If it wasn’t 1:30 a.m. and I didn’t have my alarm set for 7:30 a.m. I’d go through and try to find a positive example of video on the site. But again, their video list is daunting and I don’t have the paitence to sift through and watch it all. I should probably get to bed so I’m not running on empty tomorrow.

But I will say this, it’s pretty cool that the guy can jump over cars. And I am glad I got to see it not just read about it. So I guess a poorly executed video is better than none at all.

Kind of an OnBeing rip-off, but I’ll take it…

Wednesday, March 7th, 2007

So, it is a little soon to be ripping off the OnBeing idea from the Washington Post. But I saw the “Stater.You” link on the site and clicked.

Not as pretty as the WP or as artsy, but it is something different. And I’d be willing to bet, outside Taylor Hall the number of people who’ve heard about or seen OnBeing is a few dozen at most. So the readers won’t hold it against them.

I’m not sure I’d have chosen those subjects (for one thing Karl Hopkins-Lutz used to be a Stater columnist, though it has been a few years) or that location to jump off the project. But if the idea is to offer random snapshots of people around campus, it succeeds.

This is definitely thinking beyond the printed page. And it’s a good example of why student newspapers are great places for experimentation and trying new things. Don’t waste months, which could mean semesters, which means staff turnover in the world of college newspapers, testing and tweaking to perfection something before launch. Just go for it. If it doesn’t work, ditch it. No harm, no foul.

My first foray into Flash

Sunday, February 11th, 2007

I’m hoping this works, but I’m not optimistic: It works now!

Ugh. I don’t know why the videos won’t load. Trust me they’re funny. They are clips from fall semester at the Stater. There’s one of Seth attempting a cartwheel, the infamous Driving Ben Bananas video and then another never-before-seen clip of Aman (then city editor) playing NBA Jams in the newsroom on election night. A hodgepodge glimpse of the “play hard” part of the Stater.

If it’s not working for you (and it’s not working properly for me), I uploaded here.

And if anyone knows why the videos won’t load here but they do on that page… I could use some help. My hunch is it has something to do with the paths to the movies being called. (As in, it’s trying to call them from the folder this post is in, not the one the flash movie is in.) But I could be and probably am way wrong. Either way, I don’t know how to fix it anyway. It’s working now! :)

Even so, I will say I am surprised I got it to work at all. And considering it’s pretty much my first foray into Flash, I’ve impressed myself.

With much thanks to Mindy McAdams whose handout helped me get as far as I did. And for the tip that helped me fix it.

On being… the cutest kid ever!

Thursday, February 8th, 2007

I was really confused by the cheesemaker, which was the first one I clicked on. Though I did laugh, especially at the “smells like a proctologist’s finger at the end of the day” comment. (If you’re not curious what prompted that comment, you’re not normal.)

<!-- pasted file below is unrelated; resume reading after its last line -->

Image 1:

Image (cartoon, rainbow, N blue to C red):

But this kid, Gio, is so cute. It’s like someone gave one of my nephews a video camera and just said, “Tell me what’s on your mind.”

Or maybe it’s like 7-year-old stand-up comedy? With the jump cuts, that’s kind of what it feels like.

A tease for you to click:
“I get those like scary feelings. If I die in my sleep, I don’t even need to worry. I’ll either be in heaven or in hell, either one. I think I’m gonna be in heaven. Because I got this little feeling that I’m special. So, it’s been a good life, but it’s hard on a little guy like me. It’s actually gonna suck more when I actually grow up. I know that. Uh huh, I know that.”

Either way, these awesome portraits/interviews are a part of a new project by the Washington Post called onBeing. Reminds me vaguely of the NYTimes project I blogged about awhile ago, where they went around and found ordinary people doing off-beat things. Only, probably because Rob Curley sprinkled his magic on it, the WP project is so much cooler.

How dumb are we?

Friday, January 26th, 2007

I don’t even remember the series of clicks that brought me to this video on YouTube, but I wanted to yell “Are you kidding me?!” at some of these people: Chasers war on everything — Americans

A few highlights

Guy: “I’m a lil mixed up over the Palestinians and Israelis. Which one is throwing the rocks?”

Name a country that begins with “U”: Utah, Yugoslavia… (Note: Nobody thinks of United States of America. lol.)

What is the religion of Israel? Answers vary from “Muslim” to “Probably Catholic.”

Apparently, Americans don’t know where Australia is on a map. Or any other country for that matter. He asks them to pin point which country we should invade next and put a toothpick on it. As a hitch, however, he puts the words “France,” “Iran,” “North Korea,” “Sri Lanka” etc. on Australia. The people don’t bat an eyelash or seem at all baffled that Iran is floating off in the ocean by itself. lol.

It reminds me of that show Street Smarts that used to be on UPN. Contestents had to pick which of the three random people interviewed would get the answer to common sense questions right or wrong. It was always hilarious. I still wonder where they find these people.